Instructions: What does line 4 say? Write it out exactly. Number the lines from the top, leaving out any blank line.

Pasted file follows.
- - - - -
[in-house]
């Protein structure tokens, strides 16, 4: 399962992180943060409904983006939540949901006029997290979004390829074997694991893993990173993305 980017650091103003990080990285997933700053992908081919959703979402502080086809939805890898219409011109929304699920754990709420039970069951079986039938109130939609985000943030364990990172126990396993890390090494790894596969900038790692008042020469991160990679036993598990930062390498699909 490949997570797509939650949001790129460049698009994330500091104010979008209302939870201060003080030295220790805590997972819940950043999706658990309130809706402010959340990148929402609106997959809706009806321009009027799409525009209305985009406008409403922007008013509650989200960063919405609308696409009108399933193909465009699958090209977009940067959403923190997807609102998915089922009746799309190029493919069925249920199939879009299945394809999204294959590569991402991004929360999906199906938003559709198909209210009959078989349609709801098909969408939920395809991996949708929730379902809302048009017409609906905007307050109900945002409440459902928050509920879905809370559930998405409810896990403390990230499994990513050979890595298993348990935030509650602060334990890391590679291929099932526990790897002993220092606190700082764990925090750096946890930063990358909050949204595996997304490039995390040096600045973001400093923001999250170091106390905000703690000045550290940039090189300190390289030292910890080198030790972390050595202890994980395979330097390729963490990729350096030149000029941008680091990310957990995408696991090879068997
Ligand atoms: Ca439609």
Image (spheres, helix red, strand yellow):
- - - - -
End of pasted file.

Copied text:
Image (spheres, helix red, strand yellow):